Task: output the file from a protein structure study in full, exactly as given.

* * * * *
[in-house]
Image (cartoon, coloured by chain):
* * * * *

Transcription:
[in-house]
Image (cartoon, coloured by chain):